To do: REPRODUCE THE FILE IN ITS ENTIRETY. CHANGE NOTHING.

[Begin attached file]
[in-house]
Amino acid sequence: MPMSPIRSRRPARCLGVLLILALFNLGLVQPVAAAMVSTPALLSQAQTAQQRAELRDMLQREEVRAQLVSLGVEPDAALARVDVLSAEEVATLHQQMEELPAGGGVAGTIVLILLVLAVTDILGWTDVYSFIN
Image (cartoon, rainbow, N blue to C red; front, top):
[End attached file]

[in-house]
Amino acid sequence: MPMSPIRSRRPARCLGVLLILALFNLGLVQPVAAAMVSTPALLSQAQTAQQRAELRDMLQREEVRAQLVSLGVEPDAALARVDVLSAEEVATLHQQMEELPAGGGVAGTIVLILLVLAVTDILGWTDVYSFIN
Image (cartoon, rainbow, N blue to C red; front, top):